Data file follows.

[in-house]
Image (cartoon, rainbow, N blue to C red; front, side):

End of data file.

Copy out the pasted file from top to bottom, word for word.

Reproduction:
[in-house]
Image (cartoon, rainbow, N blue to C red; front, side):